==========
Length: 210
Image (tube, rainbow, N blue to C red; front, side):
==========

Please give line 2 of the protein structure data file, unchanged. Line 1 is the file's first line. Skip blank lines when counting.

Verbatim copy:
Image (tube, rainbow, N blue to C red; front, side):